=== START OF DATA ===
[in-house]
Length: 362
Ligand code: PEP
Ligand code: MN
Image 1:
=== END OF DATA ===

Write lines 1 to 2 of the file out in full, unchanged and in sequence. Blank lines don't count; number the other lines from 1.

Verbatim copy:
[in-house]
Length: 362